I see consolidation happening in Southeast Michigan over the next three to five years because hospitals have to work together to achieve efficiencies.
Another difference is that the majority of care is delivered downtown in Boston because of the strong academic medical centers. People come downtown for care. (In Detroit, Henry Ford Hospital and the DMC are trying to develop specialty referrals and marketing plans to attract more patients downtown.)
Hospitals are more competitive in Boston because of their proximity together. We have that downtown with Henry Ford, but the geography is more spread out (in metropolitan Detroit) and there are overlapping services.
How do you assess the Southeast Michigan health market?
Systems have done a good job specializing in certain areas. DMC is the dominant provider in pediatrics with Children's Hospital of Michigan. It makes sense for one provider to be the beacon in the community.
We are also very strong in cardiovascular care with DMC's Cardiovascular Institute opening soon.
I am not sure if there will be consolidation in the market right away. Outside forces will compel systems to work more closely together over time.
What is the DMC doing to compete in the market to take advantage of Obamacare?
We are doing three things. One is to be physician-friendly and supportive. We also have an accountable care organization — Michigan Pioneer ACO — that is taking care of 13,500 Medicare fee-for-service beneficiaries with 293 physicians. We are not just a hospital company. We are a full-spectrum health care company. Our tagline is "Health For Life." We preach that with employees and in the community.
Our ACO is an attempt to take care of the health of a population. It is a very small percentage of our total patients. But because their average cost is $18,000 a year, if you can care for that population, you can do it for everyone. You can replicate this care model for everyone.
DMC also benefits from being a part of Vanguard. We have economies of scale in purchasing, supply chain management, things you don't see that doesn't touch patients but lowers the costs of care dramatically and positively. We share best practices with 30 other hospitals across the country. Vanguard has more than 30 experiments going on. DMC has made a very big impact on Vanguard's other hospitals.
We have lowered patient days, length of stays, emergency department door-to-physician time and overall patient care costs. For example, DMC Children's Hospital physicians see patients within 29 minutes in the ER 94 percent of the time now, up from 73 percent. (Mullany declined to provide other statistics, citing Vanguard confidentiality.)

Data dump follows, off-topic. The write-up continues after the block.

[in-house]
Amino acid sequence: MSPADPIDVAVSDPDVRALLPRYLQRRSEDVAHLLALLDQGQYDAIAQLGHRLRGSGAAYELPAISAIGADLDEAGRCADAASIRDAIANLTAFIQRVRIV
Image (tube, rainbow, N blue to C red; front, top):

Can you give an example of a best practice that was recently imported to Detroit?
Last month, Children's Hospital adopted a split-flow model in the emergency department. It allows nurses to segregate patients based on acuity level, or sickness. The more seriously ill patients are taken in for expedited care. Less serious patients are evaluated, tested and monitored until they are seen.
We have reduced the time it takes to see a physician to under 30 minutes. The throughput (average for successful message delivery over a specific communication channel) in the ER has improved. Under split flow, nurses immediately evaluate patients in the ER and determine where they should be treated.
What is the DMC's ambulatory care strategy?
We are developing one. DMC has done phenomenal things in institutions, but they don't yet have an ambulatory mind-set. A lot of care is done in that setting. Part of what Mike is trying to do is organize that care that includes home health, rehabilitation, ambulatory surgery and cancer.
Earlier this year, Vanguard created a separate organizational structure for ambulatory care. We are starting to focus on that here and in our other markets.
(DMC currently has 87 outpatient centers, up from 62 in 2009. The centers include physician offices, primary care, rehabilitation, surgery, urgent care, radiology and other freestanding health care facilities.
Will Vanguard acquire hospitals in Southeast Michigan?
Vanguard is looking to grow in Southeast Michigan. Development is handled out of Nashville. There is a wall between operations and development. If Vanguard is talking with a hospital in a market, they don't want the local operators to know. I don't need to know.
(He declined to confirm talks that Vanguard has conducted with Crittenton Hospital Medical Center in Rochester Hills and Garden City Hospital. CEOs for those hospitals have acknowledged being approached but have said they are not interested in selling to Vanguard.)
Why did Vanguard DMC acquire Detroit-based ProCare Health Plan?
I am very happy about that. I can't talk about it now because it hasn't been approved (by the Michigan Office of Financial and Insurance Regulation).